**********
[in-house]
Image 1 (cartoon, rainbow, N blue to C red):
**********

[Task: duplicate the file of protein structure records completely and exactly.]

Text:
[in-house]
Image 1 (cartoon, rainbow, N blue to C red):